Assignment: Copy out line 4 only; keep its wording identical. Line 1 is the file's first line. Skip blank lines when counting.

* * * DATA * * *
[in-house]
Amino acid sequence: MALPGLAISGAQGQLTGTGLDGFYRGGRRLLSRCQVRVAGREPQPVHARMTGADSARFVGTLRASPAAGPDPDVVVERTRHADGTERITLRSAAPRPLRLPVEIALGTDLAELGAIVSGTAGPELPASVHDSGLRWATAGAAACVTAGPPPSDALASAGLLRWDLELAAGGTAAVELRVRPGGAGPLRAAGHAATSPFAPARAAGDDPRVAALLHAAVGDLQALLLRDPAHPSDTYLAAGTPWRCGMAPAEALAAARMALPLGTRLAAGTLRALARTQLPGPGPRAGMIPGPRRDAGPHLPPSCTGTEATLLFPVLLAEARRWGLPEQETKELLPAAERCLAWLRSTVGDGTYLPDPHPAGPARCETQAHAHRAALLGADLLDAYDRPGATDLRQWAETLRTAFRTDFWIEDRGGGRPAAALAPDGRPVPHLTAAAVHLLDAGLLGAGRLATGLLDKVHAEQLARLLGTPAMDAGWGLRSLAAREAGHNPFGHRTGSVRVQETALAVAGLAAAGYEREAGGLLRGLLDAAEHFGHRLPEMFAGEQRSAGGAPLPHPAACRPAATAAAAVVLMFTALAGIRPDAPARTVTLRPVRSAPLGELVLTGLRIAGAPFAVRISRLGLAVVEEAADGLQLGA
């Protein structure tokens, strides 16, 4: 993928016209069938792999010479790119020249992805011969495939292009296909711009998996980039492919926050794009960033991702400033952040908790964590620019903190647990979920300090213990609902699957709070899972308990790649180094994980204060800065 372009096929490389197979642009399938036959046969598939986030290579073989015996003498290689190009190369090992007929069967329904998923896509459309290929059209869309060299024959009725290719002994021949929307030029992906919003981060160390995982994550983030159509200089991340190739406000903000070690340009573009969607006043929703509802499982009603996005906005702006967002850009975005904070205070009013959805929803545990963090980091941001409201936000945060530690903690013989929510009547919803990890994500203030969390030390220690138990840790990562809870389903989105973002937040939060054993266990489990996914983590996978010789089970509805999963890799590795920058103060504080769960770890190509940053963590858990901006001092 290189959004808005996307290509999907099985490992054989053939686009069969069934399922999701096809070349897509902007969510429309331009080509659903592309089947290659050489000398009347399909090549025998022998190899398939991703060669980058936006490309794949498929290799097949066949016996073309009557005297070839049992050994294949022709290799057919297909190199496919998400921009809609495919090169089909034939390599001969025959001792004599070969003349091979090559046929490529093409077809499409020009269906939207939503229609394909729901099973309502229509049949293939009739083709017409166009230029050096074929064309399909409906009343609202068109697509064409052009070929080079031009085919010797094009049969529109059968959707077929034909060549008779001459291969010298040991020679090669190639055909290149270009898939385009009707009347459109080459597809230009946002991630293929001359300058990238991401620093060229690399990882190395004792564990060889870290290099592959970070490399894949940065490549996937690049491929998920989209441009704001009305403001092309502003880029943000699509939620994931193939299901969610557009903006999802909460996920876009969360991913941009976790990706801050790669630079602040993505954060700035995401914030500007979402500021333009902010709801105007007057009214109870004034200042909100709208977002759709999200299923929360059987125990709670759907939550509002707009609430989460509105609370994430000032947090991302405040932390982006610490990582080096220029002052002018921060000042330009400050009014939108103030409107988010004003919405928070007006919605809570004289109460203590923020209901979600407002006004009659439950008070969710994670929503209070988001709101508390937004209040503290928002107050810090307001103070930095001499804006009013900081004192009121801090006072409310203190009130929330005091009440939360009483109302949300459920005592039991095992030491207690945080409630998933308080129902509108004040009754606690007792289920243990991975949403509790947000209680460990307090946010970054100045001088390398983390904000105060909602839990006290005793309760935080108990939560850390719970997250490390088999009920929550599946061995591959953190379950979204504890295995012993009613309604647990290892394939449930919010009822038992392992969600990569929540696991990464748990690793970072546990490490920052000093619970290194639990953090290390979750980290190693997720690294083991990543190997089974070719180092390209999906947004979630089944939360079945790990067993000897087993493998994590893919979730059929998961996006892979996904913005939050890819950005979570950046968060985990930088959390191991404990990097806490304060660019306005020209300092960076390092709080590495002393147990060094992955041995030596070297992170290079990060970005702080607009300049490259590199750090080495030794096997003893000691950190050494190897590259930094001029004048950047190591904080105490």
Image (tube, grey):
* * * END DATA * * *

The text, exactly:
Image (tube, grey):